Food growers, tourism link up

There’s a new phrase for foodie experiences that appeal to those who support local food production: agri-culinary tourism.

The term connects smaller food producers with chefs and bed and breakfasts who promote local ingredients.

One such initiative is the Buy Local, Eat Natural campaign in British Columbia, which has a website featuring farmers in a get-to-know-us format alongside recipes and farm directions.

Another B.C. program by Farm Folk City Folk, called Meet Your Maker, connects smaller producers with chefs, restaurants and retail stores. B.C. Farm Fresh provides extensive listings for farmgate sales and pick-your-own produce.

In Alberta, small producers connect with chefs through the Alberta Culinary Tourism Alliance, which also promotes Dine Alberta, a listing of restaurants with a high percentage of local food.

Saskatchewan Tourism offers culinary tours of the southwest through the Field to Fork initiative, while the Canadian Tourism Commission created an online how-to guide for culinary tours across Canada in 2003.

Many of these promotions focus on smaller producers or chefs who prize local food, but a marketing association in Ontario has taken it a step further by representing both groups.

The Simcoe County Farm Fresh Marketing Association includes restaurants and bed and breakfasts as Farm Fresh members and has just unveiled a new strategy to increase visibility and revenue.

The Huronia Food Trail is a pilot project debuting this month that includes 14 small-scale farms, restaurants, food retail stores, caterers and bed and breakfasts in the southern Georgian Bay area.

Association executive director Sandra Trainor said restaurants were included in the Farm Fresh membership because the food service industry is an important partner in a sustainable food system.

“When chefs support local agriculture and the fresh, flavourful and quality food grown and raised close to them, they support their local economy,” she said.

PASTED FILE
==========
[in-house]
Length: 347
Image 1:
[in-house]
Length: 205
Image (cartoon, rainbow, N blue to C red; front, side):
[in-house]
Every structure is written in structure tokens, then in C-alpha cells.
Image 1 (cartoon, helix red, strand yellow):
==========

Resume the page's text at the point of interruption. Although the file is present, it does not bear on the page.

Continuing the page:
“Customers value that and will in turn patronize those restaurants that support local farmers.”

Brochures of the self-guided tour have a biography of each stop, contact information and directions plus a promise that all participants are “advocates of local tastes and local products.”

The pilot program was funded through the Ontario tourism ministry, municipalities and an annual August fundraising event, Savour Simcoe, which connects local chefs with local producers for a Sunday afternoon foodie extravaganza.

“Savour Simcoe is an event where proceeds go back into the organization as a whole to help cover marketing costs, and the Huronia Food Trail is one of those costs,” Trainor said.

Stops on the trail include Chez Vous, Chez Nous, a bed and breakfast on a farm that dates back to 1846, and the Explorers Cafe featured in the Where to Eat in Canada Guide.

Explorers Café owner Rob Reader, who has led dozens of expeditions to the Antarctic and the Amazon, said it’s important to have year-round community support to be a successful restaurant that relies on local food.

“You get a lot of business in the summer months (in a tourist area), but for the other 10 months, it’s the locals who support you and they’ve really embraced our (locavore) philosophy,” said Reader.

The pilot project is expected to run six months to a year and, if successful, can accommodate 10 or more members before branching out into other regions of Simcoe County besides Huronia.

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